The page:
Ask a Venezuelan citizen, or an Iraqi Christian, or a North Korean peasant why D-Day still matters in 2019.

The further we move away from caring about pivotal events like June 6, 1944, the less chance of survival we have as a nation.

At the same time, the D-Day anniversary is a reminder that we're not done yet. It's an opportunity for us to remember and let that inform how we live.

Near the end of Saving Private Ryan, the fictional Captain Miller lays dying, and he gives one last instruction to Private Ryan, the young man that he and his unit have sacrificed their lives to rescue in Normandy. He says, "Earn it."

In other words, don't waste the sacrifices that were made so that your life could be saved. Live it well. The message to "earn it" extends to the viewer and the nation as well – can we say we're earning the sacrifices that were made by Americans on D-Day? I cringe to think how our few remaining World War II veterans might answer that.

Honor. Duty. Sacrifice. Gratitude. Personal responsibility. These used to mean a lot more.

Honor. Duty. Sacrifice. Gratitude. Personal responsibility. These used to mean a lot more. I don't want to believe it's too late for us to rediscover those traits as a nation. I want to believe we can still earn it.

The challenge to "earn it" is a lot of pressure. Frankly, it's impossible. We can't fully earn the liberty that we inherited. But we can certainly try to earn it. Not trying is arrogant and immoral. And to tout socialism as the catch-all solution is naïve, and insulting to the men like those from Bedford who volunteered to go defend freedom. In truly striving to earn it, we help keep the flame of liberty aglow for future generations. It is necessary, honorable work if freedom is to survive.

The end of Lincoln's Gettysburg Address is remarkably relevant for every anniversary of June 6, 1944. This is what D-Day still means in 2019:

"It is rather for us to be here dedicated to the great task remaining before us – that from these honored dead we take increased devotion to that cause for which they gave the last full measure of devotion – that we here highly resolve that these dead shall not have died in vain – that this nation, under God, shall have a new birth of freedom – and that government of the people, by the people, for the people, shall not perish from the earth."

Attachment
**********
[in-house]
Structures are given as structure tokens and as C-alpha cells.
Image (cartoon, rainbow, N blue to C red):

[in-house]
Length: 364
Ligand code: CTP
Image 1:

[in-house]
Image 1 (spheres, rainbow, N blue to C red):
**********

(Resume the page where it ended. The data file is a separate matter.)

Letter from Corporal H.W. Crayton to Mr. and Mrs. Hoback – parents of Bedford and Raymond Hoback who were both killed in action on June 6, 1944

Álvaro Serrano/Unsplash

July 9, 1944 Somewhere in France

Dear Mr. & Mrs. Hoback:

I really don't know how to start this letter to you folks, but will attempt to do something in words of writing. I will try to explain in the letter what this is all about.

While walking along the Beach D-day Plus One, I came upon this Bible and as most any person would do I picked it up from the sand to keep it from being destroyed. I knew that most all Bibles have names & addresses within the cover so I made it my business to thumb through the pages until I came upon the name above. Knowing that you no doubt would want the Book returned I am sending it knowing that most Bibles are a book to be cherished. I would have sent it sooner but have been quite busy and thought it best if a short period of time elapsed before returning it.

You have by now received a letter from your son saying he is well. I sincerely hope so.

I imagine what has happened is that your son dropped the Book without any notice. Most everybody who landed on the Beach D-Day lost something. I for one as others did lost most of my personal belongings, so you see how easy it was to have dropped the book and not know about it.

Everything was in such a turmoil that we didn't have a chance until a day or so later to try and locate our belongings.

Since I have arrived here in France I have had occasion to see a little of the country and find it quite like parts of the U.S.A. It is a very beautiful country, more so in peace time. War does change everything as it has this country. One would hardly think there was a war going on today. Everything is peaceful & quiet. The birds have begun their daily practice, all the flowers and trees are in bloom, especially the poppies & tulips which are very beautiful at this time of the year.

Time goes by so quickly as it has today. I must close hoping to hear that you receive the Bible in good shape.

Yours very truly,

Cpl. H.W. Crayton

It's not as easy as it used to be for billion-dollar entertainment empires like The Walt Disney Company. It would be more streamlined for Disney to produce its major motion pictures in its own backyard. After all, abortion in California is readily available, as well as a protected, cherished right. And since abortion access is critical for movie production, right up there with lighting equipment and craft services, you would think California would be the common-sense choice for location shooting. Alas, even billion-dollar studios must pinch pennies these days. So, in recent years, Disney, among other major Hollywood studios, has been farming out production to backwater Southern lands like Georgia, and even Louisiana. Those states offer more generous tax breaks than Disney's native California. As a result, Georgia for example, played host to much of the shooting for the recent worldwide box office smash Avengers: Endgame.